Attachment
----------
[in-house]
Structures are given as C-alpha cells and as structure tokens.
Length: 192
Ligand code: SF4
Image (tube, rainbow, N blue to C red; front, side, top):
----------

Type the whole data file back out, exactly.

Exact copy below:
[in-house]
Structures are given as C-alpha cells and as structure tokens.
Length: 192
Ligand code: SF4
Image (tube, rainbow, N blue to C red; front, side, top):